Donald Trump and his incredible shrinking political muscle


There’s an old saying that a popular president can get away with anything, while an unpopular president can’t get away with anything. Richard Nixon survived the first year of the Watergate investigation because he was popular. He didn’t survive the second year because by that time his popularity had collapsed. Political capital, political muscle, whatever you want to call it, defines everything that happens in a presidency. Donald Trump no longer has any.


By virtue of entering office with a historically low approval rating after an illegitimate election, with millions of protesters marching in the streets against him from day one, Trump had precious little political muscle to begin with. It’s a big part of why, despite having a majority in the House and Senate, he’s managed to pass so little legislation. But the most glaring manifestation of Trump’s total lack of muscle has come with his increasing inability to fire anyone.


Sure, he managed to annoy FBI Deputy Director Andrew McCabe into retirement yesterday, but McCabe was planning to retire anyway. This wasn’t a victory for Trump. It was merely the steam he pointlessly blew off after realizing that he doesn’t have the muscle to fire Deputy Attorney General Rod Rosenstein, or Special Counsel Robert Mueller. Trump can’t do anything anymore, and he seems to know it. Liberals are afraid he’s going to try to save himself by starting a war. But the window for him to get away with pulling off a war closed a long time ago. He arguably had the muscle to do it six months ago. He doesn’t now.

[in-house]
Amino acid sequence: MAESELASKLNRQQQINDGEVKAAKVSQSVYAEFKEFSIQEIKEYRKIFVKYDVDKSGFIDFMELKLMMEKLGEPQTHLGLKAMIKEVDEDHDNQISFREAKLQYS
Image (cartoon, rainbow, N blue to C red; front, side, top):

Donald Trump, like any toxically unpopular president, is a sitting duck. All he can do is wait it out and hope that perhaps his popularity will somehow eventually rebound of its own accord. That has historically happened on occasion, but never when a president is this unpopular, and certainly never when a president is this scandal-plagued and is being investigated for crimes against the United States. The Resistance needs to remain as vigilant as ever. But the worst thing we can do is start assuming that he has powers and abilities that he clearly no longer has. That only hands him leverage, at a time when he has very little left.


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Bill Palmer is the publisher of the political news outlet Palmer Report

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